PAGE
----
There are a variety of employment contracts governing the employer-employee relationship. Within the spectrum of varieties are two main types, being (1) fixed-term contracts and (2) indefinite-term contracts. While most contracts are indefinite in nature, fixed-term contracts represent a sizeable number of existing agreements.
The fixed-term contract is generally less understood than indefinite term contracts. Given this, and below, we discuss the difference between fixed and indefinite-term contracts and some of the repercussions of using a fixed-term contract.
Fixed-Term Versus Indefinite-Term Contracts
As discussed, an employer and employee can enter one of two contract types: (1) fixed-term contract or (2) an indefinite-term contract:
- Fixed-term contracts have a set end date. When used properly, these contracts govern the employee’s terms of employment until the end of the term at which point the employee and employer can end the contract or re-engage on new terms.
- Indefinite-term contracts have no end date. This does not mean that the employee cannot have their employment terminated. Under an indefinite-term contract, the employment continues simply until the employment is terminated pursuant to the contract, statute and/or the common law.
Repercussions of Using Fixed-Term Employment Contracts
It is generally risky for an employer to engage an employee via a fixed-term employment contract. Below we outlined some key sources of this risk:
Termination Pay Obligations May Increase
When an employer terminates an employee’s employment without cause, they are required to provide the employee with notice of that termination or pay in lieu of notice.
When using a fixed-term employment contract, in theory, employers can avoid the need to provide the employee with notice of pay in lieu. The idea is that the employee is already aware of the end date of their employment and can govern their actions accordingly.
However, if there is no termination clause (or an unenforceable termination clause) in a fixed-term employment contract, then the employer has no right to terminate the contract early. If an employer wishes to terminate the employment early, it must pay the employee for the balance of the contract.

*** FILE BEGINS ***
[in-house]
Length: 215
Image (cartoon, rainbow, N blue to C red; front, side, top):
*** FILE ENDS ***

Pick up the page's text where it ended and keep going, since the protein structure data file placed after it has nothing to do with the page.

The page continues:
In some cases, this can result in an obligation to provide the employee with far more pay in lieu of notice than the employee would have been entitled to at common law.
Given the above risk, hiring an employee pursuant to an indefinite-term contract with a clear termination clause is often more beneficial.
Inadvertently Entering an Indefinite Contract of Employment
Another common risk is that employers often forget that an employee was hired under a fixed-term contract and the parties then continue the employment relationship beyond the contract’s end date. At that point, the contract becomes one of indefinite duration in law and the employee would be to common-law notice of the termination of their employment. This can result in an entitlement to as much as 1-2 months of notice/pay in lieu of notice for every year of service the employee completes.
Even if the employee is offered a new fixed-term contract at the end of the initial contract period, there is a risk that a court could determine that the employment is indefinite in law, thereby invalidating the fixed-term contract(s).
Tips for Using Fixed-Term Employment Contracts
Generally, we recommend considering using an indefinite-term employment contract wherever possible; however, in cases where this is not possible or appropriate, employers should:
- Document the reasons for the fixed-term contract;
- Clearly state that it will not automatically be renewed;
- Not allow the employee to continue working beyond the term unless they actively negotiate a renewal or extension; and
- Be mindful of changing circumstances. If the underlying reason for the fixed-term nature of the contract, such as unpredictable funding, should change, consider changing the contractual relationship as well.
Ultimately, the employer should have documentation to satisfy a court that the contract was not simply an attempt to avoid legal obligations that would arise if the contract was of indefinite duration.
If you have questions in relation to fixed or indefinite term contracts, or if you were subject to a recent termination of employment or otherwise, we encourage you to reach out to us to discuss your options. Please contact Toronto employment lawyers, Sultan Lawyers, at 416-214-5111 or email@example.com.
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